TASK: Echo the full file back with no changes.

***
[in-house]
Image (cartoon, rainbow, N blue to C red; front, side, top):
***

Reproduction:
[in-house]
Image (cartoon, rainbow, N blue to C red; front, side, top):